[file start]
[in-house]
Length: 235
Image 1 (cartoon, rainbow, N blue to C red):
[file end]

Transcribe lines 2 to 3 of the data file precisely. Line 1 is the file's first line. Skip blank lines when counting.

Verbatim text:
Length: 235
Image 1 (cartoon, rainbow, N blue to C red):